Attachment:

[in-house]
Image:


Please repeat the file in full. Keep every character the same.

[in-house]
Image: